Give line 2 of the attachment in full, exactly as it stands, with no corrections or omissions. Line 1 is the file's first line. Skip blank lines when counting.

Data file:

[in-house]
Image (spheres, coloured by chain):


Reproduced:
Image (spheres, coloured by chain):